Beekeeping in Bloomsbury

Lucy Bodenham reports back from a rooftop excursion near Senate House to learn about beekeeping
A comb showing the bees on ILAS rooftop near Senate House
A queen bee can lay up to 2,000 eggs per day
This was also the first time we extracted honey from our hives which was sold in the café in Senate House with funds going back towards maintaining our bees

This year the University of London had its first course in beekeeping with eight members of staff learning hands-on about the practical aspects of beekeeping.

As part of the University of London’s sustainability programme two new beehives were installed in the summer of 2013 by our tutor Camilla Goddard. Camilla is director of Capital Bee which was set up as an ethical business to respond to the current shortage of honey bee colonies in Britain.

Two hives were initially established with money donated by Aramark, the University’s caterers, and these bees are now making a big contribution to the local urban biodiversity and pollinating plants within a three-mile radius in Bloomsbury.

The apiary is sited up on the roof of the Institute of Advanced Legal Studies (IALS) where we can look over towards Senate House and Russell Square park.

This was a productive year for our bees, making for our first batch of honey. Factors of the mild winter made for a longer summer and the two hives were split and a third queen bee was recruited to set up the new hive.

This was also the first time we extracted honey from our hives which was sold in the café in Senate House with funds going back towards maintaining our bees.

John Bailey, our sustainability manager, said the honey tasted a bit minty which may be attributed to a row of lime trees nearby. Honey can taste so diverse depending on what flowers are nearby. Bees are commonly known to fly up to four miles to collect pollen from their environment.

After an unseasonably cool August in London, the bees are now winding down as we head towards autumn. To ensure the bees have enough to eat, the beekeeping team set up syrup feeders for the bees to see them through the quieter months of winter.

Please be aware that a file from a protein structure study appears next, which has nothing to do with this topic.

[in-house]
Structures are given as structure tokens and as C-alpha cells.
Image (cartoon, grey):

Our beekeeper Camilla GoddardI also asked John about some background and any future plans for our bees:

Why was the roof of IALS picked as a location for the beehives?
The roof at IALS was chosen because it is perfect for central London bees. The roof is south facing, meaning it gets a lot of sun, and it looks over Russell Square which is packed with trees, shrubs and plants that provide fantastic forage on the doorstep!

How is the honey extracted from the combs?
The honey is put into a honey extractor, a contraption that works a bit like a cider press crossed with a washing machine! The caps are taken off the cells of honeycomb that contains the honey and the frames of comb are spun around in a circular motion. The honey comes out and fills a big bucket with our honey.

What are future plans for the hives?
We are planning on continuing with the current group of hives and seeing how we get on. I am planning on enrolling another group of staff on the beekeeper training so that we have a whole host of people trained up to look after them. On top of that we are exploring other options for products from the hive, including some of our very own University of London beeswax – due to hit the shops for ‘Movember.’

Watch the video of us checking the hives in August:

Visit the bees during the Humanities festival

Being Human is the UK’s first national festival of the humanities. As part of the festival, the School of Advanced Study is hosting a day of activities featuring candle making, honey tasting and a guided tour of the beehives. Bee-ing Human takes place on Friday 21 November – more information and booking for the event is available on the Being Human website.

Some interesting facts about bees:

  • Bees are essential to our food chain. Apart from providing honey, they fertilize many of our crops and fruit trees.
  • Queen bees are extraordinarily productive and can lay anything up to 2,000 eggs a day.
  • Swarming happens when the hive gets too large and the old queen bee leaves to establish a new home.
  • When it is time for the queen bee to leave the nest, her pheromones will attract drones to escort her on her journey for a new nest.
  • Male bees only mate once and usually die in the process.
  • In summer, bees have a short life – usually about six weeks – and in winter, bees slow down and can live up to nine months.
  • Bees use the position of the sun to navigate their way about. On cloudy days they use photoreceptors to find the sun’s place in the sky.
  • Honey has anti-bacterial qualities and could be very effective in healing wounds or reduce the growth of drug resistant bacteria such as MRSA.
  • In midsummer, a hive can contain up to 35,000 bees.
  • Bees like purple flowers which are not too long so they can reach the nectar.

Watch the Royal Holloway, University of London video:

This study on bumblebees shows how two commonly used pesticides affect the foraging behaviour of bees and their brood colonies. The video forms part of Dr Nigel Raine’s current research into the impacts of pesticides on bees.